During and after the Prop 10 election, Blackstone’s Stephen Schwarzman, Geoffrey Palmer, and Michael Hayde took major heat from activists and housing experts. United Nations special rapporteur Leilani Farha, in fact, singled out Schwarzman and Blackstone for “using its significant resources and political leverage to undermine domestic laws and policies that would in fact improve access to adequate housing consistent with international human rights law.” Her remarks made global headlines.
Perhaps in an effort to avoid another public relations disaster, Schwarzman, Palmer, Hayde, and crew have funneled millions into the California Business Roundtable Issues PAC. The organization is a powerful insider group based in Sacramento, led by chairman Brett Bittel and vice chairman Scott Lindquist.
Billionaires Stephen Schwarzman and Geoffrey Palmer, in particular, have terrible reputations among housing justice activists and the media, and may be trying to dodge the limelight by contributing to the California Business Roundtable Issues PAC rather than giving directly to the No on Prop 21 campaign. Curbed L.A., for example, deemed Palmer as “Downtown L.A.’s Worst Developer.”
And the No on Prop 21 campaign, whose chief spokesman Steve Maviglio is already a controversial figure, may not want to be associated with the billionaires — but still wants their millions.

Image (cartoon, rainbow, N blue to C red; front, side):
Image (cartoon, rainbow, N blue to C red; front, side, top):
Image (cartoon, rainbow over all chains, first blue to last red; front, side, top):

So far, the California Business Roundtable Issues PAC has collected $21.5 million from real estate companies since January 2019, according to state filings. Blackstone Group delivered nearly a third of that — $7 million in contributions — in June 2020. Michael Hyde has shelled out $4.5 million and Palmer has forked over a little more than $2 million, according to state filings.
Those totals from Blackstone Group, Hayde, and Palmer are nearly identical to what they contributed to the No on Prop 10 campaign in 2018. Blackstone and its subsidiary Invitation Homes gave $7.4 million to stop Prop 10; Hayde delivered $4.7 million; and Palmer gave $2 million.
Stephen Schwarzman, Palmer, and Hayde are also major contributors to Donald Trump, shelling out millions either directly to Trump’s campaigns or to political committees linked to Trump, such as America First Action, Inc., Rebuilding America Now, and the Republican National Committee. Since 2016, for example, Palmer has delivered $14.8 million to Trump and associated political committees, according to Federal Election Commission filings. Schwarzman has shelled out $4.4 million since 2017.
Other real estate companies funneling big bucks to the California Business Roundtable Issues PAC are Lewis Investment Company ($2 million), Cypress Management Company ($1 million), and Hudson Pacific Services ($500,000).
On August 14, California Business Roundtable Issues PAC then handed over a check of $1.5 million to No on Prop 21: Californians to Protect Affordable Housing. Housing activists expect the PAC to deliver more of Big Real Estate’s millions to the No on Prop 21 campaign in the coming weeks. It’s the kind of backroom way of handling business that real estate companies are known for — and too often at the expense of hard-working Californians.
(Patrick Range McDonald is an award-winning reporter and advocacy journalist for Housing Is A Human Right and a CityWatch Contributor.)